HELP FOR PARENTS OF CHILDREN WITH ASPERGER'S & HIGH-FUNCTIONING AUTISM

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Occupational Therapy: Advice for Adults with Aspergers

Adults with Aspergers often face challenges with social interaction, impaired motor skills, sensory processing issues, repetitive patterns of behavior, and intensely focused interests – all of which might interfere with their ability to complete activities of daily living in a manner similar to their peers.

Increased awareness and knowledge about Aspergers has opened many avenues to help adults with Aspergers adjust to life’s demands. One such avenue is Occupational Therapy (OT), which attempts to address the following:

• Age-appropriate interactions
• Behavior modification
• Communication and social skills
• Coping
• Family education
• Imitation skills
• Independent living skills
• Motor skills
• Repetitive behaviors
• Self-care
• Sensory skills
• Social skills

OT is a discipline that utilizes purposeful activity to obtain, regain and/or maintain one’s highest level of daily functioning, work, play and leisure activities:

• Daily functioning skills (e.g., dressing, bathing, grooming, eating, writing, home and money management, etc.) are necessary for all to maintain a healthy lifestyle.
• Work skills are necessary to be a contributing member of society and to earn an income.
• Play for children contribute to a healthy self-esteem and a fulfilling life.
• Leisure activities for adults contribute to overall mental health.

At times, situations or impairments interfere with an Aspergers person’s ability to independently complete or participate in daily functioning skills. These impairments may consist of physical, cognitive and emotional components, or a combination of all three. Once the components have been identified, the type of treatment approach can be determined.

The goal of treatment may be to increase performance levels, to restore functioning to a prior level (or close to it), or to maintain current skills – or prevent regression. For example, restorative therapy can include (a) strengthening of physical skills (e.g., coordination, strength, endurance), (b) improvement of cognitive skills (e.g., memory, following directions, attending to details), and (c) improvement of psychological skills (e.g., self-esteem, self-expression and confidence).

The Occupational Therapist must (a) evaluate which components - physical, cognitive, or emotional - are impairing the individual’s functioning, (b) begin appropriate remediation, and (c) initiate compensation. Here are some examples:

• An example of a physical deficit is difficulty with performing manual tasks. One man had difficulty writing legibly. An evaluation (which included an assessment of abilities, strengths and weaknesses in daily functioning, work, leisure and play) determined that he had decreased hand strength and impaired fine motor control (physical components). The treatment plan was to strengthen his hands, to improve coordination (restore function) and to adapt the pen grip (compensation).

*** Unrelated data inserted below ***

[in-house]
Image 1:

• An example of a cognitive deficit is difficulty with following directions due to decreased attention. The treatment plan might include changing the environment to decrease visual and auditory distractions, or providing compensation techniques (e.g., timers, breaks, guidelines, outlines for assignments, etc.).

• An example of an emotional deficit is difficulty with environmental stimuli. One young woman with Aspergers disliked shopping. She said it was too noisy and busy. An evaluation (which included an assessment of abilities, strengths and weaknesses in performing tasks) determined she had difficulty processing sensory information (i.e., the noises and sights at the store were overwhelming to her). The Occupational Therapist designed a sensory program and compensation techniques that would allow her to successfully complete her shopping trip. The program consisted of exercises that helped her improve her ability to process sensory input from the environment. Compensation techniques included shopping at a smaller store during times that were not as busy/noisy and to practice a “social script.” The social script was a way for her to role-play and practice interaction before it actually occurs. This “rehearsal” helped her to increase her confidence and skills.

The ultimate goal of OT is to help clients have independent, productive, and satisfying lives. Furthermore, Occupational Therapists are becoming increasingly involved in addressing the impact of social, political and environmental factors that contribute to exclusion and occupational deprivation.

OT services typically include:
  • a comprehensive evaluation of the client’s home and other environments (e.g., workplace, school)
  • an “outcomes evaluation” to ensure that the goals are being met and/or make changes to the intervention plan
  • customized intervention to improve the person’s ability to perform daily activities
  • environmental adaptation including provision of equipment or designing adaptations to remove obstacles or make them manageable
  • guidance and education for family members and caregivers
  • how to break down activities into achievable components (e.g., sequencing a complex task like cooking a complex meal)
  • performance skills assessments and treatment
  • teaching new ways of approaching tasks
  • the use of creative media as therapeutic activity